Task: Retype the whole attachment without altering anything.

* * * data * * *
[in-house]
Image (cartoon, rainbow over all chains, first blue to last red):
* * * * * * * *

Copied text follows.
[in-house]
Image (cartoon, rainbow over all chains, first blue to last red):